He fought for equality in a country where sexual difference is punishable by stoning. Metro spoke with Rashidi Williams, one of the only LGBT activists because Nigeria who dare lead his face in battle discovered.
Mr. Williams, aged 29, was invited to Montreal by Equitas organization, held this week a rally at which more than 150 human rights defenders involved.
Nigeria, like other African countries, adopted in January 2014 a law that criminalizes homosexuality. How does it affect you?
This law is an embarrassment to all Nigerians and a disaster for the LGBT community, which is now in danger because it is perceived as criminal.
This law is a permission to violate the LGBT community in the country. Shortly after its adoption, raids took place in the districts of Abuja, the capital, and those suspected of being homosexual were beaten. None of the executioners has been sentenced to anything. In this kind of aggression, are often the victims who find themselves behind bars. When this is not the police themselves who carry out arbitrary arrests of gays to extort money in exchange for their release.
Homosexuality has always been illegal in Nigeria. When did you realize you were a criminal because you were who you are?
From the moment I knew I was gay, I was aware that the society around me considered me an off-the-law. It’s been hard, but it’s been even more difficult to choose to live in harmony with who I am.
“I realized that I was a criminal in the eyes of my country the day I knew I was gay.” -Rashidi Williams, activist for LGBT rights in Nigeria Queer Alliance
Have you declared your homosexuality to your parents?
My family is made up of Christians and Muslims. It was easy for anyone to accept my difference, but my family had to, because that’s what I am. Now she helps me to carry the burden of my activism. If other families rode in front with us to address the government and say, “You have no right to criminalize my son for his way of loving” things would change.
What explains the intolerance of the LGBT community that seems to permeate African society?
It has nothing to do with culture. Religion is for many, and these are religions imposed by colonialism. The settlers, with them, brought their homophobia in Africa.
Act of January 13, 2014
Former Nigerian President Goodluck Jonathan signed January 13, 2014 a very repressive law against sexual minorities. It provides up to 14 years in prison for homosexuals found “guilty” of having had sex.
In the 12 states of the country where sharia, the same “crime” is punishable by death by stoning. No law prohibits discrimination based on sexual orientation in Nigeria. The Same Sex Marriage Prohibition Act contravenes the country’s constitution, which guarantees every citizen equal before the law, and several treaties acceded, according to Human Rights Watch.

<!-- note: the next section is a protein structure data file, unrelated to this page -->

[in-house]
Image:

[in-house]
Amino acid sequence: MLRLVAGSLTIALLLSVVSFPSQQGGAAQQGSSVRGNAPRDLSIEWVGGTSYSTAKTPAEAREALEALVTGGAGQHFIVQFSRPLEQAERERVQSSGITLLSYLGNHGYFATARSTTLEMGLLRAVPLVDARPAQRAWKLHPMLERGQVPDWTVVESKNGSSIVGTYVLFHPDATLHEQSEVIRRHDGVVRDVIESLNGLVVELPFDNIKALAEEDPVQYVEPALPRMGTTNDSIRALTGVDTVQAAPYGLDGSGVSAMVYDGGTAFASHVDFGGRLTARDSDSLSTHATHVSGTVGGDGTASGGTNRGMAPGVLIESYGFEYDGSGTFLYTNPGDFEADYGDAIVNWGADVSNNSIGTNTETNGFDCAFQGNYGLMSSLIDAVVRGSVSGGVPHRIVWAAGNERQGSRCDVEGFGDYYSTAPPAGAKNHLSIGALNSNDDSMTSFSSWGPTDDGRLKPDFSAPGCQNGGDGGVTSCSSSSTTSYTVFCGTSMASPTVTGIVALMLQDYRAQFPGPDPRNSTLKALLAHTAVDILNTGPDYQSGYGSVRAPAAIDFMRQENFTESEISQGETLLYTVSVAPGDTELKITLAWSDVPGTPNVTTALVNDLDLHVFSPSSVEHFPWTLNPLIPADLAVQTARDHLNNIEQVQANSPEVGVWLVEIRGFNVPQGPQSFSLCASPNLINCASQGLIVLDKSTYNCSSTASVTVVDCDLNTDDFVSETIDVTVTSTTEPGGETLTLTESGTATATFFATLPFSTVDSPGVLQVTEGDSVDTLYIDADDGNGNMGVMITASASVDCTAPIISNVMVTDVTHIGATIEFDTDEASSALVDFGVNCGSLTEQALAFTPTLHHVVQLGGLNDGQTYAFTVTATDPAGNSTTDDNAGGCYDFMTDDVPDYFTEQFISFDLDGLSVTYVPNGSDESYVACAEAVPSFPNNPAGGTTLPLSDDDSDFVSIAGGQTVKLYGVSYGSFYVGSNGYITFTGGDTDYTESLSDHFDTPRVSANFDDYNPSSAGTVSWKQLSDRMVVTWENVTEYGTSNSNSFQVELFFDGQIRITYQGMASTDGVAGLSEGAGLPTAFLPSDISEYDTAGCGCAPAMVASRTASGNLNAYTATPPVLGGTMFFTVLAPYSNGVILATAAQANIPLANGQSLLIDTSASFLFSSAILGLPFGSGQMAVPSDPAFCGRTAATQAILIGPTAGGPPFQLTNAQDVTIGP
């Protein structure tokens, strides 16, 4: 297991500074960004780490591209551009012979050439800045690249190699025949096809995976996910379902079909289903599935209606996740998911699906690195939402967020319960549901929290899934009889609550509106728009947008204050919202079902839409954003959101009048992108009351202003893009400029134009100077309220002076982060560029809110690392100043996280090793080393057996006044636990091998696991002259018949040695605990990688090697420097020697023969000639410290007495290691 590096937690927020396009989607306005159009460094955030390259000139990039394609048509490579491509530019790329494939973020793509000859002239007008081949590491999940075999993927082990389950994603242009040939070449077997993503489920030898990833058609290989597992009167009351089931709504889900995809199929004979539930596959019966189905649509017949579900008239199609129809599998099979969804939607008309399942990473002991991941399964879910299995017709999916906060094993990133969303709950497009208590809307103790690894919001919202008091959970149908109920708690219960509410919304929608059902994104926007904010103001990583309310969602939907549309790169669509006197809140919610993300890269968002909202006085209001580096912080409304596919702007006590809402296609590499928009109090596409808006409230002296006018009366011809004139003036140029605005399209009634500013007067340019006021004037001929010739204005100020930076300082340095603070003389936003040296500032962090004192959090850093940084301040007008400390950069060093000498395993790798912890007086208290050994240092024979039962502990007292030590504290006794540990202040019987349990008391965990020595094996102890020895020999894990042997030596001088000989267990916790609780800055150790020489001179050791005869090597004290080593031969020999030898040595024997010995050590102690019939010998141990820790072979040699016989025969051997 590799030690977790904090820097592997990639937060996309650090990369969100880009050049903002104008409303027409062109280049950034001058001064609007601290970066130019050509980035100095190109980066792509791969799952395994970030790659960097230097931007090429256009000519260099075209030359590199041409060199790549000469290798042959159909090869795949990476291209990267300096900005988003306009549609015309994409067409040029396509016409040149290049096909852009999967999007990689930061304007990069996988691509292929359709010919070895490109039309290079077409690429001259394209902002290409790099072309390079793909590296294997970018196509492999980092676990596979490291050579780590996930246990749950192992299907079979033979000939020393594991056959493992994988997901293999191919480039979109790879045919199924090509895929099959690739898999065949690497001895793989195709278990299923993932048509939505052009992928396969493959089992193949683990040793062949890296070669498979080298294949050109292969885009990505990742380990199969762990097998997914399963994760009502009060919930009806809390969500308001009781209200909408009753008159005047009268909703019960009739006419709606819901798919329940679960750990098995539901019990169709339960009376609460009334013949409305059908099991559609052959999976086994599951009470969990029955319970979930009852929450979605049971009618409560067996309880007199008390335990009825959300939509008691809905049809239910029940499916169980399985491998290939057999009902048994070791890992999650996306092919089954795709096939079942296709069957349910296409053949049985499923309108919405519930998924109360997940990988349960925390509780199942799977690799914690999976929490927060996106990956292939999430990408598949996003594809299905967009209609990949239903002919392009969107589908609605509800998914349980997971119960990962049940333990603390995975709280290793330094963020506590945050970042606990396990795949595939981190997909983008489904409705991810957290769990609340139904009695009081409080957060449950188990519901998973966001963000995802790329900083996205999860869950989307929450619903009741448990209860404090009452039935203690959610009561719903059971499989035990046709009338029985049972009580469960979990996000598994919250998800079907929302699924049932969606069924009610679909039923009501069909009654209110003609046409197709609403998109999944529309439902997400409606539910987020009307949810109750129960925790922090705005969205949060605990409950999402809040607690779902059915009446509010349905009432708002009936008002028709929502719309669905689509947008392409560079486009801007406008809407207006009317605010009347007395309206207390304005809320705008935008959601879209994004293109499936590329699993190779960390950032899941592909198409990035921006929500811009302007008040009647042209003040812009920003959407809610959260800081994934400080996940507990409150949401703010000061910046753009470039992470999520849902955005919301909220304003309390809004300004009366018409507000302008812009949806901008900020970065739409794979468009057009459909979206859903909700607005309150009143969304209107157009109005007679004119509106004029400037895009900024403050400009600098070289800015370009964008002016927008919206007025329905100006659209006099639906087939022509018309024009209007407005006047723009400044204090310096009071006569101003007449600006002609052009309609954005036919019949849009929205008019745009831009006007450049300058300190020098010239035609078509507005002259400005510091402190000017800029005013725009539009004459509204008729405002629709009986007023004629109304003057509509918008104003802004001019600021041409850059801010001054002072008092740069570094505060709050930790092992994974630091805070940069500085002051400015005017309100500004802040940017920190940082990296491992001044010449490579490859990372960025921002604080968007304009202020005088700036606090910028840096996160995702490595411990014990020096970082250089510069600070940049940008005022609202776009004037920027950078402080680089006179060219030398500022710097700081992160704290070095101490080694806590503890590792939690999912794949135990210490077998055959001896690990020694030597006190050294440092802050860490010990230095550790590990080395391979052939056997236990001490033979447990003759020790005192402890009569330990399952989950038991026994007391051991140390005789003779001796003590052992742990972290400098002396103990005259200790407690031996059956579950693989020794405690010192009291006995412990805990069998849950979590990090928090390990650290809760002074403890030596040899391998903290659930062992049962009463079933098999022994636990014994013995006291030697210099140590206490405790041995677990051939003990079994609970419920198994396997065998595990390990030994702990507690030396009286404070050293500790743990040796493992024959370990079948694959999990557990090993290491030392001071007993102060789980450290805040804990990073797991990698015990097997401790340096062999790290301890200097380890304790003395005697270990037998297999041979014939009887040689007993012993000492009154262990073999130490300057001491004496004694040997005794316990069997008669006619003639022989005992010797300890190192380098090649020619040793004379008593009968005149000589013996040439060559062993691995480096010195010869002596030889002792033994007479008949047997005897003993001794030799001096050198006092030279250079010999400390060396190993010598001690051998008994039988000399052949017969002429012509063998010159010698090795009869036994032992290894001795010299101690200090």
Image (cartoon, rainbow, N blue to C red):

Some 2.8 billion people live in countries where homosexuality can lead to prison, physical laceration, even death. Only 20 countries in the world recognize marriage between same sex.
Two weights, two measures
Nigeria is not the only African country to have adopted laws similar to Same Sex Marriage Prohibition Act. Uganda and Gambia have also adopted measures that discriminate against people with different orientation and gender identity. The United States imposed sanctions on both countries, but not in Nigeria, a richer and larger countries on a geostrategic level.
“I am disappointed by this, says Rashidi Williams to Metro. It reflects not only that there are two weights, two measures in diplomatic matters, but also in terms of human rights. ”
The consequences of laws such as the Same Sex Marriage Prohibition Act are yet many serious for sexual minorities in Nigeria.
“Shortly after the adoption of the law, 14 men broke into a neighborhood Abuja to pick on people they suspected of homosexuality, breaking into their home to humiliate them and hit them, says Mr. Williams. This climate of fear that is established in several pushes to live their love in secret. ”
In Nigeria, which is the third country most affected by the HIV virus in the world, many homosexuals who do not dare go see their doctor or who no longer receive their treatment.
“We found a dramatic decrease in the number of men seeking health care, says Williams, adding that the number of attacks against the LGBT minority, he soared.
Does he believe that a tragedy such as occurred in Orlando Sunday will change attitudes in the country? “Africa is united against this senseless violence, no matter against whom it is directed. Even former President Goodluck Jonathan has offered condolences to the victims of Orlando. “